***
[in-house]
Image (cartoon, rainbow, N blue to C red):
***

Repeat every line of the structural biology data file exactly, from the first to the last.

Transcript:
[in-house]
Image (cartoon, rainbow, N blue to C red):